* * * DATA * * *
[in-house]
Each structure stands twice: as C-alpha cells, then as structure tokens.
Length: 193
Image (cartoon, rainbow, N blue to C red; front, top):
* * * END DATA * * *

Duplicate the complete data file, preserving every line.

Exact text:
[in-house]
Each structure stands twice: as C-alpha cells, then as structure tokens.
Length: 193
Image (cartoon, rainbow, N blue to C red; front, top):